To: Commissioner Jim Brown

I’m not sure that you understand Mr. Bayard’s concerns with safety at all. How can you say that you understand, and yet advocate for the removal of some 40 percent of the bike safety signs? It is perfectly clear to almost everyone that Longboat Key is a unique place. At most times we have thousands of visitors and vacationers visiting us. These people are seeing the bike safety signs for the first time or the second time. The point is they are not seeing them every day, and they are not desensitized to them.

Another fact of life here is that many of our drivers are driving well into their eighties and nineties. And I can understand their nervousness when passing a large group of bicycle riders. But that is a separate issue and has nothing to do with the bicycle signs. I’m sure that a majority of drivers on Longboat Key would agree that there is ample room to pass bicyclists safely. The impression I get from your reply to Mr. Bayard’s email to you is that you wish the bicyclists to go away and ride elsewhere. You as much as told Mr. Bayard to do so. Fortunately for our key that won’t happen. Longboat Key is thought of as a safe and wonderful bicycle venue. Condé Nast Magazine has recently designated Anna Maria and Longboat Key as premier bicycle destinations. Longboat Key’s roads are fine for both bicyclists and cars. Commissioner Brown, when the gasoline runs out, you’ll be sorry.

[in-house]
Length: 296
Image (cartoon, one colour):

Joe Moccia
Longboat Key

To: Mr. Moccia

I think you don’t see the big picture. Your fanaticism for cycling doesn’t allow you to see that there are other factors that have to be accommodated on Longboat Key. Too bad. When the gasoline runs out, I’ll get an electric car. End of debate!

Commissioner Jim Brown
Longboat Key

To: Town Commission

The Sarasota Manatee Bicycle Club has been incorporated since 1975 and represents more than 450 active cyclists. Our members have many years of cycling experience, gained not only in Florida but also all over the United States and abroad. Our membership includes qualified professionals. We seek to promote safe bicycling in the Sarasota and Manatee county areas for physical fitness and good health, recreation and transportation.